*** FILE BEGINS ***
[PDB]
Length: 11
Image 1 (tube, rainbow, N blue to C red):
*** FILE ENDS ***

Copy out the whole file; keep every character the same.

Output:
[PDB]
Length: 11
Image 1 (tube, rainbow, N blue to C red):